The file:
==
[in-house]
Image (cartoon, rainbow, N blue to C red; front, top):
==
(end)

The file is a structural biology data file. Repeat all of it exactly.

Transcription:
[in-house]
Image (cartoon, rainbow, N blue to C red; front, top):